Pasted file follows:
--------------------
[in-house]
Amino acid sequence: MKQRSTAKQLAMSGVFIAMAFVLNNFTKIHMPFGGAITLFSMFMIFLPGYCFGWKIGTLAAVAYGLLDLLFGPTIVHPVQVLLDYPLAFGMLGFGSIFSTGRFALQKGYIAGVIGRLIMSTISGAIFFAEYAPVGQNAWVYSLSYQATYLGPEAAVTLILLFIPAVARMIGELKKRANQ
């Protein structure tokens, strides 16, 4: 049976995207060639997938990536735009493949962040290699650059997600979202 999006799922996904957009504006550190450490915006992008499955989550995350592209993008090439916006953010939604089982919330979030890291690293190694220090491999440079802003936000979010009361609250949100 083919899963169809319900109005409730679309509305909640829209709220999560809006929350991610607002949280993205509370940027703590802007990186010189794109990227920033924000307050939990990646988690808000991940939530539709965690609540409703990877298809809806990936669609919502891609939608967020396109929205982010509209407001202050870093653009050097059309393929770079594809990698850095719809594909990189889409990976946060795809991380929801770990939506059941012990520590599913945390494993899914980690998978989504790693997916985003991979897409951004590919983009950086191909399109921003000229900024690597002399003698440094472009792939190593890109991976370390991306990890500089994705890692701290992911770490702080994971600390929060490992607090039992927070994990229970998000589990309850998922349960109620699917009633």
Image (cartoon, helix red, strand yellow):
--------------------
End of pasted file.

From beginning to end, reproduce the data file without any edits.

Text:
[in-house]
Amino acid sequence: MKQRSTAKQLAMSGVFIAMAFVLNNFTKIHMPFGGAITLFSMFMIFLPGYCFGWKIGTLAAVAYGLLDLLFGPTIVHPVQVLLDYPLAFGMLGFGSIFSTGRFALQKGYIAGVIGRLIMSTISGAIFFAEYAPVGQNAWVYSLSYQATYLGPEAAVTLILLFIPAVARMIGELKKRANQ
């Protein structure tokens, strides 16, 4: 049976995207060639997938990536735009493949962040290699650059997600979202 999006799922996904957009504006550190450490915006992008499955989550995350592209993008090439916006953010939604089982919330979030890291690293190694220090491999440079802003936000979010009361609250949100 083919899963169809319900109005409730679309509305909640829209709220999560809006929350991610607002949280993205509370940027703590802007990186010189794109990227920033924000307050939990990646988690808000991940939530539709965690609540409703990877298809809806990936669609919502891609939608967020396109929205982010509209407001202050870093653009050097059309393929770079594809990698850095719809594909990189889409990976946060795809991380929801770990939506059941012990520590599913945390494993899914980690998978989504790693997916985003991979897409951004590919983009950086191909399109921003000229900024690597002399003698440094472009792939190593890109991976370390991306990890500089994705890692701290992911770490702080994971600390929060490992607090039992927070994990229970998000589990309850998922349960109620699917009633």
Image (cartoon, helix red, strand yellow):